I also agree with the mother that this is happening, because men in uniform are protected by their uniform to do things that would be criminal otherwise. Police people by TRAINING are BULLIES. Even in the example of the best training, they are still being taught to go ahead and use deadly force, with only a little less of an itchy trigger finger. If you don't do what I say, it's a bullet for you. But I don't have to respect your freedom or your life or your human and constitutional rights.

We have more respect for animals than we have for human beings. The great late Steve Irwin, Crocodile Hunter, never used a gun on an animal, unless it was a tranquilizer dart. He worked with man-eating creatures, venomous snakes armed with neurotoxins, deadly dangerous animals that you couldn't even talk to or relate to, but he would subdue them with his bare hands or a bag and a stick. Why? It was a choice he made to respect these animals as fellow living creatures whose lives had meaning and purpose in the world. So why do we not ask evolutionary biologists for better methods to handle wayward humans?

What is government? It is the monopoly of violence in a certain geographical area. That means, the government authorizes its agents to perform violence, while anyone using unauthorized violence then becomes illegal and criminal. The only way to bring down the level of violence then is to stop authorizing our government agents to perform violence on our own people.

We design our government, so we have to fix this. I want a government that protects and serves. I don't want any government that uses violence to solve problems. I want a government built like Baymax, the robot in the movie "Big Hero 6". That means we have to give the government tools of service and comfort and protection, instead of weapons. #nerfthegovernment

Apr. 23 2017 01:16 AM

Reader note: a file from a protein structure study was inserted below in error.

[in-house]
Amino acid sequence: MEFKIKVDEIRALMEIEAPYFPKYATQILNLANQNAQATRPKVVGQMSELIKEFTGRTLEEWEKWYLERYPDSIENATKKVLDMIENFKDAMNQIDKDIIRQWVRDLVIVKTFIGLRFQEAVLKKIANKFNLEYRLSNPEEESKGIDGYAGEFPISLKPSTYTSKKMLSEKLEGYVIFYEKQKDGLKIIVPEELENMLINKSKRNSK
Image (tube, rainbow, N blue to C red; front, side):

IV Liberty from California

Here is one incident if you don't believe my previous comment.

Apr. 21 2017 03:13 AM
IV Liberth from California

Many of you are totally off base. You justify police violence (state sponsored violence) based on blacks having more contact with police? Huh?

There are stories you have yet to hear--like mine. I was detained over 20 times in a 2 year time span for no legal reason. I have contributed to the black crime and arrest rates even though I have never committed a crime. I have been detained while sitting at Target while my toddler was napping in the back seat; while leaving my car to go to the gym; while at the park sitting in my car reading a book; while leaving a job interview...I can go on.

I have been beaten, punched, hair pulled, thrown to the ground, etc. by police even though I did nothing wrong.

I have been arrested over 4 times for "resisting arrest" which is the police way of showing you who is boss if you dare to assert your 4th amendment rights. Such arrest are illegal and unconstitutional. But who cares? I have filed complaint after complaint only for all of them to fall on deaf ears.

Internal Affairs is a joke. They are only there to protect the officer. I have been to the Attorney General, Mayor, Congress, Senators, City Council, etc. to no avail. You really don't have a clue. I have lost everything fighting to restore my once pristine name.

Policing is a business. People are commodity. How many times have you been detained?

Apr. 21 2017 03:08 AM
Greg from San Jose, CA

Florida is not the 3rd largest state (fyi). It's number 22 by land mass, number 4 by population.

Apr. 20 2017 07:08 PM
Gregor Halenda from PDX